With an EU Industrial Competitiveness Deal in the pipeline for the next mandate, Belgian Prime Minister Alexander De Croo invited European Commission President Ursula von der Leyen to Antwerp on Tuesday (19 February) to consider the future of the EU’s chemical industry.
Von der Leyen heads to Antwerp for closed-door meeting with chemicals industry

A central part of von der Leyen’s bid for a second mandate, announced on Monday, is boosting Europe’s industrial competitiveness.

Tuesday’s closed-door meeting is a first step in her efforts to make that a reality – although environmental groups have criticised the secretive nature of the meeting, decrying it as a bad start to legislative planning.

Gathered at the Antwerp plant of BASF – the world’s largest chemical company – von der Leyen will meet more than 60 industrial players alongside Belgium’s Prime Minister Alexander De Croo.

Nowhere is Europe’s struggle for industrial competitiveness more palpable than in the chemical industry supercluster of the mega-ports of Antwerp and Rotterdam, at which the chemicals that feature in everything from wind turbines to electronic devices are manufactured.

These companies are in direct competition with their Chinese counterparts, while being subject to much more stringent environmental regulations.

The industry is under pressure to decarbonise: its annual emissions exceed those of Belgium, and the sector remains subject to the EU’s carbon pricing system, the Emissions Trading Scheme.

In October 2022, BASF announced it would “permanently” scale back its operations in Europe, citing rising energy costs and concerns over regulation. The company has been eyeing a relocation to China: the current CEO, Martin Brudermüller, will be replaced by Markus Kamieth in April who was previously in charge of the company’s Asia business.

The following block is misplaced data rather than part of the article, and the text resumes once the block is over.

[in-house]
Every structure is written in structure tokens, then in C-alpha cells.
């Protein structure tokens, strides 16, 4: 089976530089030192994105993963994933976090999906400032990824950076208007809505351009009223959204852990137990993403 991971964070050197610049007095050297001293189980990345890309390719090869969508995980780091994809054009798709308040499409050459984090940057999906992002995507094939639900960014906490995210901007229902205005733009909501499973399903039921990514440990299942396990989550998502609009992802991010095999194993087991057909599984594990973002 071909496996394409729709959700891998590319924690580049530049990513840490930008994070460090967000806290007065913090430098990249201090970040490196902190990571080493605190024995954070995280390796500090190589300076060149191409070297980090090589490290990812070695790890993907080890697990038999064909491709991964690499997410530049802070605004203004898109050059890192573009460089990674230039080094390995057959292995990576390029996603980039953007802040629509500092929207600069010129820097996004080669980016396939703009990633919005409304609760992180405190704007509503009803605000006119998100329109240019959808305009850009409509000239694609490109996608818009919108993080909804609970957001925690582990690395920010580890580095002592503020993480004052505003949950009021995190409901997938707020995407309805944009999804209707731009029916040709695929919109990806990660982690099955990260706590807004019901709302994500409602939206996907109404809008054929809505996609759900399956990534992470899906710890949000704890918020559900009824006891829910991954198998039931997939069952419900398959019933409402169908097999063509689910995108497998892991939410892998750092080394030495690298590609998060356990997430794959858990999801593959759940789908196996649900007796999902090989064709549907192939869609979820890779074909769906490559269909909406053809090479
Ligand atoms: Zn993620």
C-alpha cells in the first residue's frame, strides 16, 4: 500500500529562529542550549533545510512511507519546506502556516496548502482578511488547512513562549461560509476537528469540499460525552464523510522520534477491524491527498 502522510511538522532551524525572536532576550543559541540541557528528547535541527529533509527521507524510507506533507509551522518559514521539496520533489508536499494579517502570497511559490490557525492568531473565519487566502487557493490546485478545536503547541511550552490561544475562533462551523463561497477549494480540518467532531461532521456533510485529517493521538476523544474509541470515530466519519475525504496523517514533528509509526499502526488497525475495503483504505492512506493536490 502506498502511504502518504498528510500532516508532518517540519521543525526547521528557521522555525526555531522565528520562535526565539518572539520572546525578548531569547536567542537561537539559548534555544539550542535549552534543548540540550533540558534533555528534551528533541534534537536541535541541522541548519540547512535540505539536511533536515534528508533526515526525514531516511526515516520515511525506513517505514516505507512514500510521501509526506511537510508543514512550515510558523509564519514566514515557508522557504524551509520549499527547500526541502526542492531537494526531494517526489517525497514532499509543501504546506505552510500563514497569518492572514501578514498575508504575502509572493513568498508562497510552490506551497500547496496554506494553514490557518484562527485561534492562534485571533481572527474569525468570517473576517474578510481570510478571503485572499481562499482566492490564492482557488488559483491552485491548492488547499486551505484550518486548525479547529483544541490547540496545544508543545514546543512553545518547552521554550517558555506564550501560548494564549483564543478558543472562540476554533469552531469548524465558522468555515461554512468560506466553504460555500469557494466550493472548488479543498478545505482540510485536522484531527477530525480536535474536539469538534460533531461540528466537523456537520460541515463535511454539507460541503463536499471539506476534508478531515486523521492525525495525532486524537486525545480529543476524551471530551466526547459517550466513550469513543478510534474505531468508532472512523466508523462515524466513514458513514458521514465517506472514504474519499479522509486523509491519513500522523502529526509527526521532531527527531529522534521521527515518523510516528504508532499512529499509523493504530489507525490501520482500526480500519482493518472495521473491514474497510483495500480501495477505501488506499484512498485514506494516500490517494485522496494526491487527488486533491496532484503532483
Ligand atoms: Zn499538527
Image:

Laying out demands

In Antwerp, Europe’s chemical industry association CEFIC will present a list of fixes to their ails at the invitation of the Belgian prime minister.

The rallying cry will be called something akin to the “Antwerp Declaration for a European Industrial Deal”.

Their list of grievances is long: EU chemical rules are due for a delayed revamp in the coming years, energy prices remain on the high end, and EU packaging rules threaten demand for one of the industry’s main products.

Chemical companies have found an ally in De Croo, who cherishes his country’s steel, manufacturing and chemical industries – and has been calling for “action for the industry” by way of an “Industrial Deal” for almost a year.

Another key demand of the company alliance is expected to be easier and quicker access to state support – in private, the lobbyists of chemical companies are quick to slam the restrictions imposed by Brussels in the name of protecting Europe’s level playing field.

Transparency concerns

“This event heightens an obvious concern: the prioritisation of polluters’ profits over public health and the environment,” said Tatiana Santos, head of chemicals at the European Environmental Bureau.

Pressure group Corporate Observatory Europe said that “crying wolf pays off for the chemicals industry,” adding that green groups had not been invited to the Antwerp get-together.

“The Antwerp Industry Summit is the wrong opening salvo to a much-needed debate,” said Domien Vangenechten, a senior policy advisor at the green group E3G – while criticising the closed-door nature of the discussions.

“An inclusive and integrated European approach can seize the competitive opportunities presented by its regional strengths, rather than play them off against one another,” said Vangenechten.

Source: euractiv.com


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